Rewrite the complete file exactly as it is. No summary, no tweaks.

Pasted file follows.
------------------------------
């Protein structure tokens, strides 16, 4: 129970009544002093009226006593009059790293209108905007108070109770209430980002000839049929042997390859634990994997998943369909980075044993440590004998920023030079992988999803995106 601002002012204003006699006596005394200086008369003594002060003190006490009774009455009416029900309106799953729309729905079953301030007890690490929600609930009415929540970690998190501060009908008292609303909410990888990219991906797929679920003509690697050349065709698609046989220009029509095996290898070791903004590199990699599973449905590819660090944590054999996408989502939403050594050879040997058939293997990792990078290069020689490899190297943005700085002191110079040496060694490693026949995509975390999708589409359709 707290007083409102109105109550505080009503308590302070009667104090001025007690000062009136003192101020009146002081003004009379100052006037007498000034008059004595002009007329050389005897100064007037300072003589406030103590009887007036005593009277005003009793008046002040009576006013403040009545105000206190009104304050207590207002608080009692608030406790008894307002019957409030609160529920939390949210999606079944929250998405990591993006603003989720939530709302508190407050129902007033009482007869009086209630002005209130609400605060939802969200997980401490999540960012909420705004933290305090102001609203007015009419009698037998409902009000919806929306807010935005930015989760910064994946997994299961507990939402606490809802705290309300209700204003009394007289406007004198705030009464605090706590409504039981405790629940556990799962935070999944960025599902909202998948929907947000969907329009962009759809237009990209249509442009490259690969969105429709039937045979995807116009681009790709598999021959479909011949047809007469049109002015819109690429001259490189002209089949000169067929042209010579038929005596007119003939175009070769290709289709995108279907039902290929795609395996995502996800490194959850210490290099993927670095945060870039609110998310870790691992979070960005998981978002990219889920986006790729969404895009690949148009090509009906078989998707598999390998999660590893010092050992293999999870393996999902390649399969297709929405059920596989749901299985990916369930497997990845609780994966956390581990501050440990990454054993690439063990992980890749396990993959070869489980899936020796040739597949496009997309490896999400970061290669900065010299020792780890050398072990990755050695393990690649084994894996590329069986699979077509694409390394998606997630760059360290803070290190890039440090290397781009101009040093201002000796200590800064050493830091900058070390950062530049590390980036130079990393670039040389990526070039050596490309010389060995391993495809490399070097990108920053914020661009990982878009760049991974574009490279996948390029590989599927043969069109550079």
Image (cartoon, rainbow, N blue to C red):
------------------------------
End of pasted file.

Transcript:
């Protein structure tokens, strides 16, 4: 129970009544002093009226006593009059790293209108905007108070109770209430980002000839049929042997390859634990994997998943369909980075044993440590004998920023030079992988999803995106 601002002012204003006699006596005394200086008369003594002060003190006490009774009455009416029900309106799953729309729905079953301030007890690490929600609930009415929540970690998190501060009908008292609303909410990888990219991906797929679920003509690697050349065709698609046989220009029509095996290898070791903004590199990699599973449905590819660090944590054999996408989502939403050594050879040997058939293997990792990078290069020689490899190297943005700085002191110079040496060694490693026949995509975390999708589409359709 707290007083409102109105109550505080009503308590302070009667104090001025007690000062009136003192101020009146002081003004009379100052006037007498000034008059004595002009007329050389005897100064007037300072003589406030103590009887007036005593009277005003009793008046002040009576006013403040009545105000206190009104304050207590207002608080009692608030406790008894307002019957409030609160529920939390949210999606079944929250998405990591993006603003989720939530709302508190407050129902007033009482007869009086209630002005209130609400605060939802969200997980401490999540960012909420705004933290305090102001609203007015009419009698037998409902009000919806929306807010935005930015989760910064994946997994299961507990939402606490809802705290309300209700204003009394007289406007004198705030009464605090706590409504039981405790629940556990799962935070999944960025599902909202998948929907947000969907329009962009759809237009990209249509442009490259690969969105429709039937045979995807116009681009790709598999021959479909011949047809007469049109002015819109690429001259490189002209089949000169067929042209010579038929005596007119003939175009070769290709289709995108279907039902290929795609395996995502996800490194959850210490290099993927670095945060870039609110998310870790691992979070960005998981978002990219889920986006790729969404895009690949148009090509009906078989998707598999390998999660590893010092050992293999999870393996999902390649399969297709929405059920596989749901299985990916369930497997990845609780994966956390581990501050440990990454054993690439063990992980890749396990993959070869489980899936020796040739597949496009997309490896999400970061290669900065010299020792780890050398072990990755050695393990690649084994894996590329069986699979077509694409390394998606997630760059360290803070290190890039440090290397781009101009040093201002000796200590800064050493830091900058070390950062530049590390980036130079990393670039040389990526070039050596490309010389060995391993495809490399070097990108920053914020661009990982878009760049991974574009490279996948390029590989599927043969069109550079």
Image (cartoon, rainbow, N blue to C red):